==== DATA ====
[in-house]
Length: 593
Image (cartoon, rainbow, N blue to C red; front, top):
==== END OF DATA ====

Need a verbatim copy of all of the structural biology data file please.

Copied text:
[in-house]
Length: 593
Image (cartoon, rainbow, N blue to C red; front, top):